Unless Republicans somehow have come across new information in the CIA's intelligence that the agency missed, Democrats and some legal experts say it's more likely Republicans are trying to hand the president a talking point by drawing a big red line favorable to him: Yes, Russia interfered in the campaign, but no, that's not why Trump is president.
So it's notable that the House Intelligence Committee's GOP report just took another credibility hit, this time from within the party's ranks. A key Republican sided with the CIA on Tuesday about Russia's intentions for Trump. In a statement, Rep. Trey Gowdy (S.C.) said it was “clear based on the evidence” that Russia wanted Democratic nominee Hillary Clinton to lose. Russia wanting Clinton to lose is the same thing as wanting Trump to win, a Gowdy aide clarified.
Even though Gowdy said he agrees with the rest of his committee's findings (most notably that there was no evidence of collusion between Trump's campaign and Russia), Gowdy has parted with Republicans on a significant issue. Trump likes to claim Russian interference had nothing to do with his win. Gowdy isn't claiming Russia swayed the election for Trump, but he is saying Russia at least tried. Gowdy also just gave a powerful talking point to Democrats, who say House Republicans' investigation is politically tainted.
1. Gowdy is the only Republican who read the classified surveillance from the CIA on Russia and Trump: Members of Congress don't send their own spies into Moscow to try to uncover the truth. They rely on intelligence gathered from U.S. spies, surveillance and other methods. As House Republicans were writing a memo alleging FBI bias when the bureau got a warrant to spy on former Trump campaign official Carter Page, it was Gowdy who read the secret warrant put together by the FBI. That means Gowdy had access to intelligence material that no other Republican on the committee did, and thus, ostensibly, has more insight into that intelligence.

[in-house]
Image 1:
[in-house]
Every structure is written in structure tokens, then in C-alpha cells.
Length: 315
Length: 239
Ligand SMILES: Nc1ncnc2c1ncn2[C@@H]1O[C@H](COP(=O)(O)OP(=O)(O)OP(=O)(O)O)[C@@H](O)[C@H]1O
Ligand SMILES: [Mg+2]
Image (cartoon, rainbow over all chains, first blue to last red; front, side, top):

2. Gowdy is not shy about partisan fights: Gowdy is one of the most aggressive GOP investigators in Congress. He worked side by side with House Intelligence Chairman Devin Nunes (R-Calif.) on that controversial memo, the one the FBI warned the public was cherry-picked to be political. You've probably heard his name in the context of the House investigation of the 2012 terrorist attacks in Benghazi, Libya, that happened when Clinton was secretary of state. Gowdy led an aggressive election-year investigation of the attacks, having Clinton sit for a 11-hour hearing during the presidential campaign and coming out with a report months before Election Day criticizing her for not doing more to protect the four Americans who were killed, including a U.S. ambassador.
3. Gowdy is retiring: Gowdy sits on the House Intelligence Committee, and he's chairman of the House Oversight Committee. He is among the half a dozen chairmen who have announced they won't run for reelection. Since then, Gowdy has been much more open about speaking his mind. “I've been a pretty lousy politician,” he said after announcing his retirement. Freedom from reelection means he can speak his mind on Russia, perhaps in a way other Republicans can't. Which brings us to our final point.
4. He's refusing to hand Trump his biggest wish: Anyone with even a passing knowledge of the ongoing Russia-Trump investigations knows that Trump desperately wants two things to come out of them:
1. To be cleared of collusion with Russia.
2. Not to have his extraordinary election win tainted by questions of whether Russia pushed him over the edge. Intelligence officials have said that although Russia did try to help Trump win, and the influence of its efforts is incalculable, there's no evidence Russia changed any vote after it was cast.
Trump also hasn't been shy about pressing lawmakers and intelligence officials involved in the investigations. The New York Times reported last fall that Trump repeatedly urged Republicans in the Senate to end their Russia inquiry. House Republicans haven't been shy about working with Trump on Russia, either. Nunes had to step down from the Russia investigation over allegations of impropriety after he briefed Trump on wiretapping claims. In that context, it's suspect that House Republicans chose to agree with the president over the CIA, legal experts say.
“This report contradicts the conclusion of the entire intelligence community,” former FBI agent Asha Rangappa said. “That's coming from human sources, signal intelligence, electronic sources. I truly have no idea how they are able to draw that conclusion without having ever seen the things that all these agencies have.”
5. Some of Gowdy's colleagues are backing off their premise now, too: The lead of the Russia investigation, Rep. K. Michael Conaway (R-Tex.), told reporters Tuesday that “it's clear [Russians] were trying to hurt Hillary,” and that “everybody gets to make up their own mind whether they were trying to hurt Hillary, help Trump. It's kind of glass half full, glass half empty.”
For an investigation whose credibility is being called into question, Gowdy is a significant defection.